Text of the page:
ACHD Marks Four Decades of Service
Ada County's roads in good shape as innovations and service continue

More than four decades ago, Ada County voters created a new local government -- one charged with doing Pothole with copsomething about the potholes that dotted area roads like candy sprinkles on a donut. The Ada County Highway District was established to oversee and improve all local roads within the county, including those within the cities. Forty-five years later, the county's roads are highly rated -- as is the agency citizens brought into being.

ACHD has a tradition of innovation -- from alternative transit, to signal timing and big picture planning. As we look back at the experiment in local government started by voters, the articles below highlight some of the accomplishments, the innovations and the future plans of the District.

While unusual, ACHD's concept of one agency to oversee all the roads has been endorsed repeatedly. Most recently, the Urban Land Institute backed ACHD in a 2007 study that assessed the District, as well as made suggestions for improvements that are being pursued today.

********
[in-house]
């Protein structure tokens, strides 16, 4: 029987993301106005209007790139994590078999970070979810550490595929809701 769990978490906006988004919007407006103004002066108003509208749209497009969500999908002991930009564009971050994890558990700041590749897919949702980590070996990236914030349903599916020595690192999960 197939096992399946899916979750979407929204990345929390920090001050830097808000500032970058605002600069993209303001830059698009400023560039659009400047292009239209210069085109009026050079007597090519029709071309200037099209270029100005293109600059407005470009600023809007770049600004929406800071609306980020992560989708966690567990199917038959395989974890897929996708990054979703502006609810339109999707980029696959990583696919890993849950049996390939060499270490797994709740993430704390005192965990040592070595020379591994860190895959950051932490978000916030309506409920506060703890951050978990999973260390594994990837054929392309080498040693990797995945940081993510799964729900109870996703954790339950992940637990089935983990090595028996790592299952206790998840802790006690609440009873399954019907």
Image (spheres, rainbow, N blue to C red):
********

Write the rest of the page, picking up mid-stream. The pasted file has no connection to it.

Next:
"The panel's sense is that the county -- if not the valley or the region as a whole -- is lucky to have a unique countywide entity to build, operate, and maintain the road system," panel members concluded. "ACHD not only provides an effective and efficient means to manage the road system but also provides a great foundation on which to better integrate land use and transportation planning.

"In addition, the public generally views ACHD as an agency that does a good job of operating and maintaining the existing road system in the county (according to 55 percent of the survey respondents and most of the interviews) and recognizes that having a regional entity build and maintain the road system for all local jurisdictions creates economies of scale."